To wit, we had a digital amp that had a hiss on our near 100 db efficient Wisdom speakers. We took the amp and hooked it up to Revel Salon 2s which are some 15 db less efficient and the noise was there essentially unchanged!
 
#15
One word about speaker sensitivity: unless it is stated at the full frequency range, it could be at just 1 Khz or wherever the speaker does well which may not be a match for the spectrum of hiss or general noise.. In that sense, sensitivity ratings of speakers are not good predictors of whether you will or will not hear noise.

To wit, we had a digital amp that had a hiss on our near 100 db efficient Wisdom speakers. We took the amp and hooked it up to Revel Salon 2s which are some 15 db less efficient and the noise was there essentially unchanged!
Amir,

I can not say for sure, but I know that when Jonathan Weiss was going over the print out for my speakers (they are/were the one and only since they are the Prototypes) that basically for the whole frequency range they had a sensitivity of a little above to a little below but overall 104.5 or 105 dB/1w/1m. But again, the Aragon Palladium 1k amps were noisier than the Krell amps with these speakers which were much noisier than the First Watt. The same Aragon Palladium 1K and Krell amp had perfectly acceptable amounts of noise with my more normal Nola LCR Reference or Viper IIA speakers, my rebuilt Dahlquist DQ-10 speakers, or my Dahlquist DQ-6 speakers.

Rich
 
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May 30, 2010
14,254
126
63
Portugal
#17
One word about speaker sensitivity: unless it is stated at the full frequency range, it could be at just 1 Khz or wherever the speaker does well which may not be a match for the spectrum of hiss or general noise.. In that sense, sensitivity ratings of speakers are not good predictors of whether you will or will not hear noise.
My experience is similar to yours. I have also found that most times the advertised speaker sensitivity is of limited value. May be because they are taken in anechoic conditions, once you put the speakers in a real room the relative efficiencies can differ by as much as 3dB from published when measured with pink noise.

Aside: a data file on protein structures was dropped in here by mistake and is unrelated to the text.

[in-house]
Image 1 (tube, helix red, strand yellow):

Feb 8, 2011
19,285
84
48
Vancouver Island, B.C. Canada
#18
Oh Canada!

Some manufacturers like Paradigm give you two loudspeaker's sensitivity; one for in-room, and the other in anechoic chamber.
The variance is about 3 dB.

Paradigm also give you two types of frequency response: one with a +/-2 dB from the low to the high of 22 Khz, and the other up to 15 Khz.
Also they give you the bass response for in-room (minus 3 dB), and bass usability (about minus 10 dB).

Paradigm is one of the companies that is true to their numbers!

There are other great Canadian loudspeaker companies like Paradigm that you can trust their specs! ...Mirage, Energy, Axiom, Coincident, Totem, PSB, and several others...

Canadians are the real deal! :) ...And proud to be one! ...Now sing with me; Oh Canada!... :D
 
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Apr 3, 2010
16,022
0
0
Seattle, WA
#19
Canadians are the real deal! :) ...And proud to be one! ...Now sing with me; Oh Canada!... :D
If they only knew this to be true :). The other day I had a Canadian guy in. You should have seen his jaw drop when I told him Paradigm was Canadian and the history of the company and such. He had no idea. It is a bit like our population not knowing who our Vice President is! http://www.newsweek.com/2011/03/20/how-dumb-are-we.html

"How Dumb Are We?

When NEWSWEEK recently asked 1,000 U.S. citizens to take America’s official citizenship test, 29 percent couldn’t name the vice president. Seventy-three percent couldn’t correctly say why we fought the Cold War. Forty-four percent were unable to define the Bill of Rights. And 6 percent couldn’t even circle Independence Day on a calendar."

Oh boy.
 
Feb 8, 2011
19,285
84
48
Vancouver Island, B.C. Canada
#20
Amir, I already knew about all those poor facts! :)

Also Paradigm build all their drivers in house, for the people living in the darkness! :D
{I've been following my Canadian companies (electronics, loudspeakers...) since the sixties!}